The concepts of “data” and “insights” are intertwined in the mind of Brad Keywell, keynote presenter at the Smart Industry 2016 conference, where the Uptake CEO reiterated the critical connection between the new world of big data and the actionable insights that data creates. “You have to look at what data exists within major industries and how value gets created from that in exponential ways,” he said as a call to action to a rapt audience that had gathered for the presentation titled “Collaborative Disruption: An Entrepreneur's Approach to the IIoT.”
Like many fellow conference presenters and many conference attendees, Keywell views data as a living entity. “Where is data today…where is data going?” he hypothetically posited before remind the audience, repeatedly, that there is untold opportunity nestled within this live information.
And, he added, traditional approaches to mine this opportunity are failing.
The digital revolution exposes faulty value propositions within many enterprises, said the speaker. “We believe that with most companies in major areas of industry—agriculture, aerospace, etc.—the core that brought them to leadership is not technology. What brought them to the head of the game is excellence in delivering products and services to customers.”
Those leading companies that fully embrace the digital transformation, Keywell believes, will thrive. They are thriving. And those providers that enable these companies to do so will thrive in tandem. “Someone has to serve industry with profitable outcomes,” he said, describing this service as data science translated into human action.
And there’s a whole lot of data.
A focus on outcomes
“The data being created by sensors is unlike anything we’ve ever seen,” said the Chicago-based co-founder of Groupon, Lightbank and other successful startups. “It’s hard to articulate the quantity of data and the opportunities that come from it.” Likewise, it is hard to process that data, which is good for those in the business of doing so. The mountain of information generated by modern machinery must be ingested, normalized and connected to devices. It must be transferred to the cloud and presented in a proper format to data scientists who—when they find patterns of interest—must deliver guidance on how to properly act on it.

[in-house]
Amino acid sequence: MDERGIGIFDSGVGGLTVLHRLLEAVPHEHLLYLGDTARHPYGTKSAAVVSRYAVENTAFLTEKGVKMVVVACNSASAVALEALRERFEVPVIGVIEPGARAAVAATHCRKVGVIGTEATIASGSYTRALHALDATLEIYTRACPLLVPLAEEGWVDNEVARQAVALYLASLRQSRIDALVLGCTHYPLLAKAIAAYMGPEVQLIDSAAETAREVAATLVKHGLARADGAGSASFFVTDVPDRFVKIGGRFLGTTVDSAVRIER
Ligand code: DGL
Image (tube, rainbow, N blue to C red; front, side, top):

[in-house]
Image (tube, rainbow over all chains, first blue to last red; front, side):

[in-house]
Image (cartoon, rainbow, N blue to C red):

“Our opinion is that the end user will not make these decisions,” said Keywell. “They want to pay a dollar to make two dollars.” The locomotive operator just wants to know that the locomotive will not break down in the dessert.
This mindset of allowing customers to buy the outcome, rather than all the choices that go into it, is increasingly popular as more information becomes available (and this information becomes more difficult to decipher).
The trick for the entrepreneur, of course, is getting into the industries rather than trying to disrupt them from the outside. “When we see opportunity on the inside, we must convince these major companies that what we build solves problems.” To do so, Keywell recommends partnering with leaders—the concept of collaborative disruption—and making them recognize both the needs they have and the value of the solution you’re offering.
Is the need increased productivity? Boosted safety? Or reduced unplanned downtime? Is the desire to no longer get to the gate and be told that you’re waiting on a part? Or the basic need to make trains safer? “All these things are possible because of data,” said the CEO. “Smart locomotives will save lives. Or imagine optimizing wind turbines to the point where you can start shutting down coal-fired plants. There are environmental components to this.”
There was no product at the core of this keynote presentation. Nor was there a service in the traditional sense. Rather, Keywell advocated a broader concept—delivering to enterprises the concept of solving problems. “This is the last frontier of value-creation in industry. There is extraordinary opportunity in how humans can make better decisions.”
And there is extraordinary opportunity in helping those humans make those decisions.